APPAMADA

Recently, I realized that the calligraphy over the altar, the one that is simply titled “Mindfulness,” is actually the Japanese representation of appamada. The kanji is composed of two simpler characters, and the Japanese word for it is nen. The top character means “now, today, this present era, this moment”. It looks like a peaked roof, or a mountain. The bottom character, shin, is usually translated as “heart” or “mind.” A more complete meaning of this character is “heart, mind, intelligence, soul.”

So a this whole kanji actually represents bringing your whole heart, mind, intelligence, and soul into this very moment, into right now, and into this modern era. Being in present moment awareness is a protection (a roof) or a stable foundation (a mountain) for our heart, mind, intelligence, and soul. In turn, this liberates us to be a benefit in the world, through our energetic, mindful, care.

This has so much more depth than the simple term “mindfulness.” Could anything be more appropriate for our sangha?


Calligraphy by Nonin Chowaney

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Comment by robin reese on October 7, 2009 at 11:20am
i love this calligraphy! i live up in taos and have searched the internet to find a source for a poster or one like it, with this kanji. i would love to find one to put up on my wall here. do you have any idea where yours came from. maybe it was it created specifically for Appamada? thank you... ~robin
Comment by Eric on September 15, 2009 at 1:01pm
So I think the word better (from my post above) may not be the most appropriate word. I think more appropriate would be more appropriate than better. And Peg already used the words more appropriate in the original post. That's why she's a teacher. : )

I know this post in response to my own post is a bit silly, but I wanted to share something that I read in Steve Hagen's Buddhism Plain and Simple.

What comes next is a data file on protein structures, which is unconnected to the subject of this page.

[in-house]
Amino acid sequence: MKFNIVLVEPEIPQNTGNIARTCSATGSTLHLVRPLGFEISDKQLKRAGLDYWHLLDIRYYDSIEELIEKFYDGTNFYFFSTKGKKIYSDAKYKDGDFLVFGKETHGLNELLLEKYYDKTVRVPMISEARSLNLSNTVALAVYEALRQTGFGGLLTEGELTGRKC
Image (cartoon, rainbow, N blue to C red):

In speaking about the eightfold path he talks about the word right which we find in all eight aspects of the eightfold path. These eight aspects are: right view, right intention, right speech, right action, right livelihood, right effort, right mindfulness, and right meditation. He states, "The word the Buddha actually used was samma. Samma is usually translated as "right" --but not "right" as opposed to "wrong," or "bad," or "evil." Normally the moment we say "right," we've already implied "wrong."

This reminded of the word "better" which seems to imply that something else is worse.

Hagen states that the term samma is more closely translated as "this is appropriate," "this works," or "this is in sync with Reality." He says, "Right, on the eightfold path, doesn't mean right versus wrong so much as it means seeing versus not seeing. It refers to being in touch with Reality as opposed to being deluded by our own prejudices, thoughts and beliefs. Samma refers to Wholeness rather than fragmentation."

I thought that was a rather poignant explanation on Hagen's part.
Comment by Eric on September 14, 2009 at 12:51pm
It's funny that the calligraphy painting has been there the whole time and was just recently realized to be the Japanese representation for Appamada. : ) I can't think of a better painting to be hanging above the alter.

 

 

Appamada is not just the occasional mindful thought or attentive state of mind, it’s actually a commitment to being attentive. It’s more than just a meditative state of mind, it’s more than just being mindful. It has to do with that primary ethical or moral orientation we have in life, with which we bring into being whatever activity we’re engaged in. Whether in formal meditation, in our interactions with other people, in our social concerns, or in our political choices, it’s the energetic cherishing of what we regard as good.

—Stephen Batchelor

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